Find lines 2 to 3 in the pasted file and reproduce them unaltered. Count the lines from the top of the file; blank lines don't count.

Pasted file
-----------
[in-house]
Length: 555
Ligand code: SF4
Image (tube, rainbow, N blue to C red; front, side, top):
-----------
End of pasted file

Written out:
Length: 555
Ligand code: SF4